Regardless the rated impedance of the loudspeaker, doesn't the curve of it's impedance linearity play a more important role?
I mean some speakers, my own included profess an impedance level of 8 ohms... but in practice, delve to far lower means in common usage.
From merely the numbers/specs of an amp or a loudspeaker system, can one derive some methodology for pairing amps to speakers, or vice versa?
For instance, with your amplifiers, do you forewarn anyone as to the speakers with which they are not at their best? ....or are there such speakers?
About the only guidelines I've been able to hang my hat on are these... with 250wpc SS power, there aren't too many speakers such an amp won't drive well. ...and conversely, if a tube amp has 100+ wpc, speaker choices are pretty broad too.
The difficulty I've run into has been matching amps and speakers when the power levels of the amps get below 40 or 50 wpc.... or the speakers have exceptionally tall impedance, and a SS amp is the power plant.
The former interests me greatly, the latter not as much, though I thought to include it as the antithesis of the formers train of thought.
Atmasphere - If you can remember 70's it means you weren't there. I remember The Beatles playing on 30W VOX amps and people tossing LUXMAN tube amps to get beautiful and modern transistor amps. These SS amps often had rated unmeasurable THD and IMD distortions and had a lot of power but sounded like crap because of deep negative feedback and tons of TIM distortions.
Yeah- those LUXMAN amps were pretty cool!
Blindjim, Here is how it seems to work: regardless of the amplifier, there are speakers it will work with and others that it will not. In the case of an 8 ohm speaker that has dips, the dips are of no consequence to a tube amp as long as its a crossover we're dealing with. What **is** of consequence is when the impedance maintains a sustained drop, for example when there are dual woofers in parallel (like in the B&W 802). There is no tube amp in the world that can play a B&W 802 properly (there are some that do OK) on account of that issue.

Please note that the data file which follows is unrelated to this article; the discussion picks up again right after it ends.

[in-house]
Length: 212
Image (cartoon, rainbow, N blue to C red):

Here's why- if you use the 4 ohm tap, there will be ringing in the mids and highs because the output transformer is not loaded correctly. If you set for the 8 ohm tap, you won't be able to get enough power to the woofers- it will likely be a good 4-6 db down! The B&W was designed for an amplifier that can make constant voltage into any load (double is power when impedance is cut in half).
Conversely a transistor amp of 250 watts cannot make bass on an ESL (Sound Lab for example) because the impedance of the speaker is a lot higher in the bass than it is in the mids and highs. That transistor amp might be limited to no more than 30-60 watts into that load!
So matching is important, and yes, we do try to check and see what a potential customer is using on this account. Of course I like getting a sale, but it will do no-one any good if the amp won't work with the speaker, so I've had to steer sales away from us a number of times in the past on this account. After years of this, I realized that there was a bigger issue- that equipment matching, tubes vs transistors, objectivist vs subjectivist are all the same conversation- thus the link I dropped earlier.
Making power with tubes has always been expensive, and I have really come to value efficiency in a loudspeaker as long as it does not impair detail and bandwidth. That is a sometimes a tall order, but the speakers exist, but probably a topic for a different thread.
Well, thanks very very much, Atmasphere, indeed.
I sort of figured you would go down that path of viability in conjuction with the use of your amps to anothers current speakerage and their intents.